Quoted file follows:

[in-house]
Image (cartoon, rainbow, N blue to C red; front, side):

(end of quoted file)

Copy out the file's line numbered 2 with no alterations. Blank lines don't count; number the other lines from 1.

Image (cartoon, rainbow, N blue to C red; front, side):